The cost of bitcoin (BTC) has dropped once further in the wake of FTX, one of the biggest cryptocurrency exchanges in the world, declaring bankruptcy. It is currently at $16,500, a far cry from the record-breaking $66,000 it reached only a year ago.
Why has there been such a significant reduction in value? It’s due to the highly toxic combination of Binance, a stablecoin (a cryptocurrency whose price is fixed 1:1 to the US dollar or another “fiat” currency), and trained professional traders running high-frequency algorithms.
Unlike stocks, bitcoin can be traded on a variety of exchanges, but because Binance controls more than 50% of the cryptocurrency market, it has the power to influence price movements for bitcoin and other cryptocurrencies. A stablecoin-like tether must be converted from fiat currency by traders before they may purchase cryptocurrencies. Since one dollar typically equals one tether, trading on bitcoin-tether determines the dollar price of bitcoin because it has by far the highest volume of all items on Binance. However, the entire crypto economy collapses along with bitcoin.
The problem is that Binance is solely self-regulatory, which means that it is not at all subject to oversight by conventional market regulators like the Securities Exchange Commission in the US or the Financial Conduct Authority in the UK. Because professional traders may utilise high-frequency price-manipulation algorithms on Binance, which are illegal in regulated markets, this is a huge draw for them. These algorithms can result in significant price swings, which makes bitcoin quite erratic.
Like all other self-regulated cryptocurrency exchanges, Binance handles its own trade clearing and settlement. As a result, losing counterparties—those who are on the receiving end of lucrative trades—often see their positions immediately and abruptly eliminated.
Self-regulated cryptocurrency exchanges, unlike traditional exchanges, are not required to issue a warning when a trade has lost so much money that further collateral is needed in the account. Instead, traders are completely in charge of funding their accounts through constant attention to a factor known as the liquidation price. The algorithms employed by expert traders perform this automatically, but it is taxing for regular players like you and me since we have to be extremely alert whenever manipulation is used to generate the volatility that professional traders utilize to boost their earnings.
Toxic flow refers to skilled traders competing against one another since, if their algorithms are equally quick and efficient, the likelihood of profit is more or less 50/50. Professional traders much prefer dealing with regular investors as counterparties.
Binance has been incredibly effective at luring regular investors, so this is concerning. Its extremely quick expansion was made possible by the fees it receives from this type of investment, and it is currently expanding with its own stablecoin, blockchain, and NFT marketplace. Following a very successful business model, Binance is solidifying its position as the Amazon of the cryptocurrency world.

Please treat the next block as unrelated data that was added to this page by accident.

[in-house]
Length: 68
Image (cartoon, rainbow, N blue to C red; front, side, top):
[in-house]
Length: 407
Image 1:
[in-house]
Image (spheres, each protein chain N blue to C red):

The current state of the cryptocurrency markets can be compared in some ways to the 2001–2002 dotcom bubble implosion. As many businesses filed for bankruptcy, the venture funding that had flooded into internet firms in 1999–2000 abruptly dried up. As the price of bitcoin fell this year as a result of some unexpected and shocking attacks on a brand-new stablecoin called Terra, major crypto-lending companies Celsius and Voyager also declared bankruptcy. Three Arrows Capital, one of the biggest cryptocurrency hedge funds, also defaulted on its loans. Since FTX filed for bankruptcy, consumers are unable to withdraw their money from Genesis, many other lending platforms (shadow banks), Gemini, and other exchanges.
Now that venture finance has dried up in the cryptocurrency business, we’ll see a lot more of this contagion, leading to widespread startup bankruptcy. There will be more exchanges and loan platforms that fail, along with blockchains, NFT marketplaces, data aggregators, and analytics firms.
From this mayhem, Binance might be able to establish a monopoly. But at the moment, this non-domiciled and self-regulated organisation still depends on fee income from regular investors and on market makers (professional traders similar to unfriendly exchange stallholders) to run its operations.
The risk is that because everyone is currently extremely anxious, inflating the price of bitcoin once more is the only way to attract regular investors. People would be tempted to return to the cryptocurrency market as a result, only to have their funds destroyed as the cycle of instability continued.